Hardinge Bridge a steel railway bridge made up of prefabricated trusses and named after Lord hardinge, the Viceroy of India (1910-1916). The bridge crosses the lower ganges at Sara between Paksey and Bheramara stations on the broad gauge railway from khulna to parbatipur.
The construction of the Hardinge Bridge was proposed and discussed for more than twenty years before it was finally sanctioned for construction in 1908. Proposals put forward by the then eastern bengal railway in 1889, were investigated by a committee and reported to be feasible. In 1902, Sir FJE Spring prepared a detailed project on the bridge. There were many discussions as to the site of the bridge and in 1907 a committee representing commercial interests recommended one of the 'Sara' sites which had been favoured by Sir Spring.
A technical committee appointed in 1908 reported that a bridge could be constructed in a site near Sara, ie present site. The construction of the bridge started in 1910 and finished in 1912.
It may be mentioned here that the British engineer Sir Robert Gailes worked as the chief engineer of the construction. On the 1st of January 1915, the first trial train crossed the bridge down track and on 25 February of the same year the second trial train crossed the bridge up track. Finally on 4 March 1915 Lord Hardinge inaugurated the bridge. A total of 24,000 people were employed for constructing the bridge.
The Hardinge Bridge is 1.8 km long. There are 16 piers of castion type made of concrete cubes. A portion of pier above water level is made of steel. The bridge comprises 15 steel truss through spans each of 345 feet 11/2 inches from centre to centre of bearing (308 feet 11/2 inches clear span) with 6 deck type steel girders by approach spans (3 at each end), each of 75 feet centre to centre of bearings (66 feet clear span approximately). The original steel of Hardinge Bridge is of mild steel type equivalent to grade 43 of BS 4360 having yield stress of 20.8 tons/sq inch; ultimate tensile strength of 30.6 tons/sq inch at an elongation of 23%. The original design loading for the girders was Indian Railway broad gauge B of 1903+33% with an impact allowance giving a total live load of 1927 tons on two tracks.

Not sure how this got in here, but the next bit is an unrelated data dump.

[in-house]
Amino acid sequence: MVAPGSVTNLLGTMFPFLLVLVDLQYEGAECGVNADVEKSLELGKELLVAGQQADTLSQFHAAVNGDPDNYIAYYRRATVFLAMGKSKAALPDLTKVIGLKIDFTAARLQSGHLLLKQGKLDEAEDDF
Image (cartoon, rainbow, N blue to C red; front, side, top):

During the war of liberation the twelfth span of the Hardinge Bridge broke down into the river by mortar shelling. One end of the span was hanging dangerously with the base and a 12.2m part from the other end collapsed. A cruise guarder and two striggers of the fifteenth span and the steel tassel upon the second base were also damaged by mortar shells. After the liberation the bridge was reopened on 12 October 1972, repaired by the joint venture of Bangladesh Railway and the Eastern India Railway of India. But some part of the bridge had to be changed and updated.
The broad gauge lines are laid side by side with a separate footpath on the downstream side. A high-tension electric line is passed over upstream side of the bridge. The headroom of the bridge is rested by the structural frame up to a height of 6.71m from the floor level. Jamuna Multipurpose Bridge Authority (JMBA) has a plan to renovate the bridge so that light and heavy vehicles can also use it. [Sifatul Quader Chowdhury]